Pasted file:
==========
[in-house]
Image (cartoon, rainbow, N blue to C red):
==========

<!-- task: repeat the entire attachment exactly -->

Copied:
[in-house]
Image (cartoon, rainbow, N blue to C red):